Robert Conquest has had a distinguished career – and the honors aren’t ending for the British historian, who turned 92 in July. He’s already a member of the American Academy of Arts and Sciences (as well as receiving the American Academy of Arts and Letters Award in 1997), a fellow of the Royal Society of Literature, and a recipient of the Presidential Medal of Freedom in 2005. Then, on a sunny morning last August, he got one more feather.
In my work on the forthcoming An Invisible Rope: Portraits of Czesław Miłosz, I had noted that several of my contributors had received Order of Merit – including the NYC Polish poet Anna Fralich, the former diplomat John Foster Leich. So, curious about the honor, I accepted the invitation to see the Hoover Institution ceremony in which John Raisian, director of the Hoover Institution, and the writer Robert Conquest were to be lauded — though I had not read Conquest’s books about the murderous terror of life under totalitarianism.
Conquest gets standing ovation (Photo courtesy Stanford Visual Arts)
Conquest was in delicate health, and did not stand to receive his award from Poland’s up-and-coming foreign minister, Radosław Sikorski. (Audio recording of the event available here.)
Sikorski and Conquest meet after the ceremony. (Photo courtesy Stanford Visual Arts)
In presenting the award, Sikorski said that as a Solidarność activist in his youth, Poles knew they were not alone, “because we had at least one great teacher”:
“At a very young age, Mr. Robert Conquest saw through that riddle wrapped in a mystery inside an enigma, as Winston Churchill characterized the Soviets. And once he had understood it, he dedicated his life to revealing the diabolic logic hidden under the facade of propaganda and deception. His works, especially his monumental books, The Great Terror and The Harvest of Sorrow, brought to light a whole host of unimaginable tales of human suffering. He told the story that many did not want to hear, and stood for truth when it was not easy and fashionable. He gave a compelling testimony about the atrocities committed by the Soviets, which undermined the legitimacy of the Soviet rule and its ideology alike.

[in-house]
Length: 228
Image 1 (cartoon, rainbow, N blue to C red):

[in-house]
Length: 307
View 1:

His books made a huge impact on the debate about the Soviet Union, both in the West and in the East. In the West, people had always had access to the information about Communism but were not always ready to believe in it. In the East, most of us did not harbor illusions about the utopian ideology under which we lived. We knew that the design – not only its execution – was flawed. Nevertheless, we longed for confirmation that the West knew what was going on behind the Iron Curtain. Robert Conquest’s books gave us such a conformation. They also transmitted a message of solidarity with the oppressed and gave us hope that the truth would prevail.”
Sikorski concluded by noting that Conquest was born in the year of Russia’s October Revolution: “he has outlived the Evil Empire and continues his mission of telling the true story about it.”
It’s not the only story he’s telling. A few weeks later in London, I was visiting with my publisher Philip Hoy of Waywiser/Between the Lines. As I was leaving, Phil handed me Waywiser’s newest book of poems: Penultimata. Phil advised me they were written by a nonagenarian, and that they are rather sexy.
The volume got quite a bit of praise: Clive James said “In poems about love, the subversive, lyrical proof that desire goes on into old age is alive in every cadence and perception. As ever, he makes many a younger writer look short of energy.” My own editor at the Times Literary Supplement, poet Alan Jenkins wrote: “the whole of Penultimata is about what’s left of love and beauty, after a long life and 3,000 or more years of western civilization: to be recovered in memory, in a Roman figurine, in sharp sensuous delight, or in speculation on that nature of the universe.”
The sexy nonagenarian poet is Robert Conquest. Here are two of his offerings, chosen not for prurience, but for their wit.
The first is “Philosophy Department,” from a series called “All Things Considered”:
Such knotty problems! Check your lists:
How come the universe exists?
How does consciousness, free will,
Match up with brain cells? – Harder still:
Employing what we use for peeing
To penetrate another’s being,
And in her complementary hole
Surrendering one’s self, one’s soul.
Yes, the eternal paradox
Of hearts and minds and cunts and cocks.
That solved, it will be time enough
To tackle all the cosmic stuff.
Then there’s “This Be the Worse” — the poem, of course, is a take-off on friend and colleague Philip Larkin’s poem of the same name (find Larkin’s version here):
They fuck you up, the chaps you choose
To do your Letters and your Life.
They wait till all that’s left of you’s
A corpse in which to shove a knife.
How ghoulishly they grub among
Your years for stuff to shame and shock:
The times you didn’t hold your tongue,
The times you failed to curb your cock.
To each of those who’ve processed me
Into their scrap of fame or pelf:
You think in marks for decency
I’d lose to you? Don’t kid yourself.